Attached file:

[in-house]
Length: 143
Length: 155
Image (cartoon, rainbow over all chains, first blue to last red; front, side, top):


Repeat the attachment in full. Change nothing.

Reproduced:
[in-house]
Length: 143
Length: 155
Image (cartoon, rainbow over all chains, first blue to last red; front, side, top):